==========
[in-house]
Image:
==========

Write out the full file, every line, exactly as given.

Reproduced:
[in-house]
Image: